Large strains are applied to liquid crystalline poly(2,5-bis(3-tetradecylthiophen-2yl)thieno(3,2-b)thiophene) (pBTTT) films when held at elevated temperatures resulting in in-plane polymer alignment. We find that the polymer backbone aligns significantly in the direction of strain, and that the films maintain large quasi-domains similar to that found in spun-cast films on hydrophobic surfaces, highlighted by dark-field transmission electron microscopy imaging. The highly strained films also have nanoscale holes consistent with dewetting. Charge transport in the films is then characterized in a transistor configuration, where the field effect mobility is shown to increase in the direction of polymer backbone alignment, and decrease in the transverse direction. The highest saturated field-effect mobility was found to be 1.67 cm2 V-1 s-1, representing one of the highest reported mobilities for this material system. The morphology of the oriented films demonstrated here contrast significantly with previous demonstrations of oriented pBTTT films that form a ribbon-like morphology, opening up opportunities to explore how differences in molecular packing features of oriented films impact charge transport. Results highlight the role of grain boundaries, differences in charge transport along the polymer backbone and π-stacking direction, and structural features that impact the field dependence of charge transport.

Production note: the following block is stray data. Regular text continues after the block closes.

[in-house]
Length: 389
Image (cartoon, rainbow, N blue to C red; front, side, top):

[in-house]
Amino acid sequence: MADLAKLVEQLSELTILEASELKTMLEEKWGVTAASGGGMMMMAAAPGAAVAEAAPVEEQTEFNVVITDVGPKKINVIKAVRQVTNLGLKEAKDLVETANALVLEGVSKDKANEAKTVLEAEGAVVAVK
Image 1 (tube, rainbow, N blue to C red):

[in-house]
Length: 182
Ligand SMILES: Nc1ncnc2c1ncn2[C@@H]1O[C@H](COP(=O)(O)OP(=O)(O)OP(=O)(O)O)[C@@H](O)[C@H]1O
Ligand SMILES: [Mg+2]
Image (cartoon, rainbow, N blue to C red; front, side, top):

Bibliographical noteGenerated from Scopus record by KAUST IRTS on 2023-02-14
ASJC Scopus subject areas
- Materials Science(all)